Barbara, Valentin Vinc. (29.3.1920-)
Translator and poet
Barbara was born at Cospicua and he attended the Lyceum. He also studied philosophy (1937-39) and theology (1939-43) at St Thomas Aquinas College, Rabat. He was ordained priest in 1942. He then studied sacred music at the Istituto Pontificio di Musica Sacra (Rome) (1946-48) from where he received a Bachelor's degree in Gregorian chant (Mus. S. Bacc. Vat.).
Barbara taught Maltese at St Albert the Great College in Valletta (1948-64). In 1961 he was elected chaplain of St Joseph's Institute, Zabbar. He emigrated to Australia in 1974, left the priesthood and in 1976 married Agnes Leong.
Barbara started writing poetry in 1943 - being a friend of Ruzar Briffa might have helped. He often entered literary competitions and managed to finish in the first three places. In 1944 he became an academic member of the Akkademja tal-Malti and was regularly elected to the council. In 1953 he became the editor of the Dominican publication, Ir-Ruzarju, while in Australia he had a literary programme in Maltese on the Maltese Radio 2EA (Sydney). He combined poetry with music when he composed the Maltese lyrics to the tune of Waltzing Matilda. In 1993 he was awarded the 1993 Cultural Prize by the Maltese Cultural Society of NSW.
Barbara collected his poems in two unpublished anthologies Intietef and Intietef Ohra. Most of these poems can be found in various Maltese magazines and some of them were translated into Italian by V. M. Pellegrini. His poetry, written in the traditionalist style, is characterized by great thematic elaboration and metrical skill that give a pleasant soothing feeling.
Barbara distinguished himself, however, in translation. He was a member of the commission chosen by the Ghaqda Biblika Maltija to translate the Scripture from the original Hebrew, Aramaic, and Greek versions. Then he became member of the Liturgical Commission of the Maltese ecclesiastical province and for many years was the official translator of new liturgical books from Latin into Maltese. This earned him the Pro Ecclesia et Pontefice (P.E.P.) decoration from Pope Paul VI in 1974. He was one of the official translators of the Department of Health in New South Wales.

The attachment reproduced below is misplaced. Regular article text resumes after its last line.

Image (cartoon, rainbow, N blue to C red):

Barbara's contribution in translating the Bible included the story of Daniel and the minor prophets, the Song of Songs (from Hebrew and Aramaic), the four Gospels, the letters of St John and St James, and the Apocalypse (from Greek). He carried out a considerable amount of translation work from Latin - G. Frachet's Vitae Fratrum (1968), edifying passages from the biography and thought of Dominicans - Fuq il-Formazzjoni Sacerdotali (1969), Vatican Council II's degree Optatum Totius - Fuq il-Ministeru u l-Hajja tas-Sacerdoti (1969), Vatican Council II's degree Presbyterorum Ordinis - the liturgical books published by the Liturgical Commission - Ghaqda fl-Imhabba (1970), the sacraments of Holy Eucharist and Matrimony (co-authored with Fr. Gwann Frendo) - Liturgija tas-Sighat (1988) - L-Istqarrijiet (1989), St Augustine's Confessions - Innijiet Liturgici (1990) for use in Malaysia - L-Ewwel Zminijiet ta' l-Ordni tal-Predikaturi (1991) - six volumes of Innijiet Liturgici (1992) for use in Australia.
Barbara carried out other translations from modern languages. These include M.V.Woodgate's Lacordaire (1955), Shakespeare's Gulju Cesri (1970), H. Ibsen's Dar ta' Pupa (1990), and Id-Djabete (1984), the latter for the Australian Commission of Ethnic Affairs and the Health Department. From Italian he translated the works by G. Schryvers' Il-Habib Divin (1964), Ommi Marija (1965), Aghtini Ruhek (1966), Erwieh ta' Fiducja (1969), and Il-Hajja ta' S. Martin de Porres (1969). He also translated Silvio Pellico's Ghaxar Snin Habs (1965), Carlo Goldoni's Il-Lukandiera (1992), and St Augustine's The City of God (1996). From French he translated M. Philippon's Fis-Skiet Quddiem Alla, and from Spanish J.M. Escriva de Balaguer's It-Triq (1971) and M. Descalzo's Aghtini x-Xita. He published Min Kienu (1997).
Source: Maltese Biographies of the Twentieth Century (1997), editors Michael J. Schiavone and Louis J. Scerri